Eighty percent of counties in the U.S. have no practicing infectious disease specialists, according to a 2020 study in the Annals of Internal Medicine. This translates to 208 million people without access to infectious disease care.

Yet, the lack of available specialists doesn’t correspond to a lack of need for infectious disease care. There were 3.4 million emergency department visits where infectious and parasitic diseases were the primary diagnoses in 2018, and more than 520,000 of those resulted in a hospital admission, according to the U.S. Centers for Disease Control and Prevention.

Through telemedicine, we can address this supply/need imbalance and ensure timely access to needed specialty care for patients as well as in-market patient retention for hospitals. 

As an inpatient service, tele-infectious disease specialists diagnose and treat a range of infections — endocarditis, bacteremia, central-line associated infections, pyelonephritis, complicated UTIs, skin and soft tissue infections, cellulitis, diabetic foot infections, prosthetic joint infections, and osteomyelitis. We can support even more challenging cases, such as recurrent clostridium difficile, HIV/AIDS, meningitis, encephalitis, HHV-6 encephalitis, West Nile virus encephalitis, CMV meningoencephalitis, and HSV herpes encephalitis. 

Throughout the pandemic, the tele-infectious disease specialists with Access TeleCare have also cared for hospitalized patients with COVID-19. While we don’t care for every COVID-19 patient at every hospital, some hospitals include infectious disease consultants as part of the care management team to evaluate and prescribe appropriate medications. Our tele-infectious disease specialists also work with hospitals to design protocols that adhere to national guidelines, such as from the Infectious Disease Society of America or the National Institutes of Health, which hospitalists and critical care teams can then use in treatment.

We deliver these specialty services all through telemedicine, but the experience for the patient and for the clinicians on the ground is the same as if we were there in-person. Our infectious disease specialists use the high-definition telemedicine cart to see and talk with patients, and we can even listen to the heart and lungs through the cart’s built-in stethoscope. It’s not uncommon for our specialists to detect heart murmurs that may not have been heard by other care team members on the ground.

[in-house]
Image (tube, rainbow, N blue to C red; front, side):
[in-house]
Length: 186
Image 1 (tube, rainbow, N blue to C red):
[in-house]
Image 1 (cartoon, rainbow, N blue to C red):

And then, we provide notes directly into the hospital’s EMR. We can even place orders within that same EMR and provide preliminary recommendations to the consultation-requesting physicians, either by text or phone. 

The benefits of infectious disease consultations are numerous. Research studies have documented:

  • Reduced 30-day mortality rates, readmission rates, patient transfers, length of stay, and costs
  • Improved outcomes, adherence to clinical guidelines for initiating appropriate antibiotics, and patient satisfaction

The chief medical officer at one of our partner hospitals offered another benefit of tele-infectious disease specialists: being able to admit patients from other hospitals. “Because we have infectious disease specialists on board, not only have we reduced transfers out, we increased transfers into our hospital system.

The evidence is clear that infectious disease consultation improves patient outcomes and hospitals’ patient retention. Telemedicine is the key to eliminating the barrier to delivering that consultation. 

Please contact us to see how we can help your hospital build a tele-infectious disease program.

 Dr. Le is board-certified in infectious disease and is a former Peace Corps volunteer, where she helped with the Ebola outbreak and vaccination campaigns for people in remote villages. She received her Doctor of Medicine from the University of Texas Health Science Center in Houston. She completed her internship and residency at the University of Texas Southwestern Medical Center in Dallas, where she was also Chief Resident. She completed her infectious diseases fellowship at Washington University in St. Louis, Missouri.

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